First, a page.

Wednesday, 16 December 2009

University of Adelaide: Study, Research and a fabulous library

Last week I visited the University of Adelaide archives, while I was in the area at the recent the ANZHES conference.

Adelaide wins the competition so far for the university that does not appear to be run by its marketing department. This was actually the only overt advertisement I saw. You can kind of see it through the greenery. It says something about excellent education, and it is also nice to see that they remember what the university is for.

I also liked that the library clearly remembered what it was for (note that I am not a photographer):

I liked that this library is supporting plain old study and research, nothing fancy about information services and knowledge management and client liaison. Study. Research. It is solid.

Actually, altogether the Barr Smith library is stunning. The old reading room is a monument to philanthropy - and academia:

The entrance and borrowing areas were spacious, reference librarians visible and plentiful, computers abound and, most remarkable of all, an area in the library to eat:

and lie around reading in beanbags:

I like cloisters. And there were cloisters at Adelaide too...

...only these ones belonged to the students...

...though it seems they need a sign to know what they are:

Monday, 14 December 2009

Technology and the university: two British scientists in Australia

When botanist Eric Ashby arrived in Australia in 1939, his ideas about higher education were already compelling. Ashby’s subsequent experiences in science policy during the Second World War then combined with ideas formed by scholarly networks in the pre-war Empire. These led him to consider how technology, needed for national development after the war, could be integrated into academic traditions.

The war changed everything for the universities. Old networks of scholars were complicated by new relationships with the state and industry and new public concerns. This paper discusses the contrasting networks that influenced the ideas of two British academic leaders after the Second World War. Eric Ashby, influential in higher education throughout the Commonwealth, held ideas informed by a pre-war scholarly environment. Another British scientist who travelled to Australia, John Philip Baxter, though only one year younger than Ashby, was influenced by an altogether different network.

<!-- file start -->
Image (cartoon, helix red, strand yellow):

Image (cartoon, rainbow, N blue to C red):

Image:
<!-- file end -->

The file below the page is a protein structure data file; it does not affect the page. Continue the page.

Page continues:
Baxter had spent significant time in nuclear facilities in the United States and contributed to the construction of British nuclear weapons during the war. When the war was over, he was disappointed that public sentiment led his employer, Imperial Chemical Industries, to shut down its work in atomic power. Feeling that he might have more influence in Australia, in 1949 Baxter accepted an academic post in Sydney.  By 1952 he was Vice-Chancellor of the University of New South Wales.  Baxter’s goal, like Ashby’s, was the promotion of technology in the university system. However, his notion of scholarship and his ideas about the university were very different. Where Ashby promoted technology while preserving scholarly values, Baxter sought to transform scholarship to align to the values of industry.

Comparing networks of pre-war Empire with post-Empire Australia, this paper examines the emergence of a longstanding uncertainty about the focus of higher education: specific professional competencies or unique, creative intellectualism.

This is the abstract that I submitted to Scholarly Networks in the British Empire for July 2010.

Wednesday, 2 December 2009